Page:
Early this year the federal government announced it was buying in a contact tracing app that hadn’t worked in Singapore. The ‘CovidSafe’ app uses a wireless protocol to connect with nearby phones that are also running the app, to record an encrypted ID for each person the phone’s owner had contact with. The government refused to wait until Apple and Google had released an update that solved key problems, such as the way iOS shuts down apps that aren’t in use, particularly when the phone is locked. It claimed the app would allow us to exit lockdown and return to public life, so long as at least 60% of the population downloaded and installed it on their phones. However, total downloads stalled around 25-30% of the population, with the public perhaps remembering the privacy fiasco over the MyHealthRecord. The state governments that actually do the contact tracing reported it was of no use, and it was quietly dropped.
The app was meant to compensate for a human flaw — the difficulty of remembering where we’ve been and who we’ve met, going back up to fourteen days from exposure through to viraemia and finally immunity. Indeed, we don’t know who we’ve met on public transport, or in the queue for the supermarket. The design aims to take the human agent out of the picture altogether, instead relying on cool, hard technology to capture encounters with machinic precision. Yet the design and implementation embed and reflect the all-too-human vices of hubris and impatience, and what Evgeny Morozov called ‘solutionism.’
The problem that needs solving
It was also a gigantic missed opportunity to design an app that could have solved a long-lasting problem for citizens and governments alike. Imagine, instead of assuming humans are incapable, we designed something that could support and enhance our capability. We are deluged with information about the outbreak and limited in the time and effort we can devote to processing it. Reflect for one second on how you get your information about the outbreak: daily press conferences top the list, followed by media coverage of them and social media conversations about them. The situation is dynamic and right now, restrictions are changing almost daily. The amount of information that we need to process and respond to can be overwhelming, even for English speakers —and as far as I’m aware, no government translates them into other languages.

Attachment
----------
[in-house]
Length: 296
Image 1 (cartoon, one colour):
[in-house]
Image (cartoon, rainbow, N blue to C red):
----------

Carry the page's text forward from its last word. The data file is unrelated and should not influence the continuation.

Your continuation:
I want to single out one issue: indications and requirements for testing. Each day, governments release a list of locations and times. If you were at the Apollo Restaurant in Potts Point on August 28th between 11AM and 9PM, please… go straight into quarantine? Seek testing? And then what — stay home until you get a negative result, or go about your day-to-day life? Misunderstandings about these requirements have become a matter of national scandal, fuelled by governments shifting blame for the outbreak onto ‘individuals doing the wrong thing.’ But their communication is haphazard. I just got a swab at a respiratory clinic and received no instruction to isolate until I got a result. And apart from the difficulty of remembering when you were there, this approach relies on people catching a momentary reference to the restaurant in media coverage.
’If you were on the 8.12am service departing Central to Sydenham, please seek testing…’ Was I on that service? I caught a morning train at Museum, who knows what time it departed Central. Nah, probably not.
What the app should do instead
A few years back I was a bit startled, but basically pleased* to discover the Google Maps app had been tracking every trip I made, every day. (* This is pretty creepy but quite useful if you’re an ethnographer like me.)
Screen captures for my Sunday adventure from the Google Maps app